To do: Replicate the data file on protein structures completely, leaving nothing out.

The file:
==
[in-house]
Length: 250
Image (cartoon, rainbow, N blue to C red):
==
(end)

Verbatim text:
[in-house]
Length: 250
Image (cartoon, rainbow, N blue to C red):